Office of the President Thomas Corwin Mendenhall Files
Thomas Corwin Mendenhall was the sixth president of Smith College, and the last male president to take office. He accepted the position in 1958, and began work in the fall of 1959. He remained at the college for 16 years, retiring in the spring of 1975. Over the years he became a respected and beloved member of the Smith community, seeing the institution through one of the most divisive periods in American history with skill, sensitivity, and a precocious sense of humor.
Mendenhall arrived at Smith with more than 20 years of experience as an educator and administrator. After receiving degrees from Yale (Class of 1932), and Oxford's Balliol College (B.A. 1935, B.Litt. 1936), he returned to Yale as a professor of history in 1937. Six years later he began taking on administrative duties, first as assistant to the provost (1943-1950), then as the master of Berkeley College (1950-1959). He also had experience with Smith itself by way of his mother, Dorothy Reed Mendenhall, Smith Class of 1895.
Mendenhall was president during a challenging and eventful period for academic administrators across the country. He successfully guided the college through both national and local upheaval, weathering the social and political disputes that have become the hallmark of the 1960s and early 1970s. As the country battled over civil rights, the wars in Southeast Asia, and class iniquity, Smith became one of the thousands of colleges and universities across the country compelled to join the fray both nationally and locally. The legacies of student and faculty activism at Smith can be seen in the curriculum, social regulations, and even administrative structure and procedures. Afro-American Studies (via the Five Colleges), the Bridge Program, and the student exchange program with historically Black colleges all began during these years as a result of local and national struggles for civil rights and class equality. Recruitment programs attempted to diversify the population of students, as well as that of faculty and staff. The debate over coeducation also reached a pinnacle during the Mendenhall years, and the women's movement began to impact the college's curriculum and administrative structure. The Mendenhall Files illustrate the evolution of these issues via the records of individual Smith offices, departments and committees, but also through correspondence with alumnae, students and parents who needed not only to be informed, but in some cases placated in their anger and disappointment.
Changes in the administration and population were accompanied by renovation and addition to the physical layout of the college. Mendenhall oversaw the construction of three new centers and the renovation of several existing buildings. The Clark Science Center, the Fine Arts Center, and the Mendenhall Center for the Performing Arts were all constructed between 1959 and 1975. There was also a significant addition to Neilson Library.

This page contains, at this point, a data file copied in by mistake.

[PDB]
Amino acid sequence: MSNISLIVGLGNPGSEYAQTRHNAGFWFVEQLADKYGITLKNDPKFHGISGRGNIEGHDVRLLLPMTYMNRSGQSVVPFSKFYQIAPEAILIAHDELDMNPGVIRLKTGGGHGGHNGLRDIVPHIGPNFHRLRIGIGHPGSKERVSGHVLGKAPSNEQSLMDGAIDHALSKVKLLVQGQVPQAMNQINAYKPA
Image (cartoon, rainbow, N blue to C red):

As president of one of the premier women's colleges in the country, Mendenhall was also required to participate in intercollegiate associations such as the Seven Sisters, the Pioneer Valley's Five Colleges, Inc., and the primarily ivy league 12-College Exchange. He was also the Smith representative and point person for many educational organizations and related businesses. His daily schedule was crowded not only with campus activities and responsibilities, but also with speaking engagements and meetings at a variety of locales across the country. The extent of his responsibilities is most apparent in five records series in the collection: Colleges & Universities, Events, Engagements, Intercollegiate Associations, and Non-Smith Organizations. His philosophies and opinions on a variety of issues and events are documented throughout the collection, but are detailed most specifically in the Speeches series.
Throughout his tenure, Mendenhall played key roles in traditional college events, was cheered for his formal and informal talks, and came to be known by successive classes of students and alumnae as "Uncle Tom." He could be seen regularly rowing on Paradise Pond, made frequent appearances at dinners and teas in the student residences, and took an active role in the daily life of the college. He also remained an active educator, teaching in the history department throughout his presidency. When he died On July 18, 1998, at the age of 88, he was mourned by many from the Smith community. The following October, there was a memorial service in the Hills Chapel where friends and spoke about his legacies as an administrator, an educator, and a charismatic character in the history of Smith College.